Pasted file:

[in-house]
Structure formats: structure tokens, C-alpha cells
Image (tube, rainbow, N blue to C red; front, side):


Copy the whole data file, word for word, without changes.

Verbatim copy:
[in-house]
Structure formats: structure tokens, C-alpha cells
Image (tube, rainbow, N blue to C red; front, side):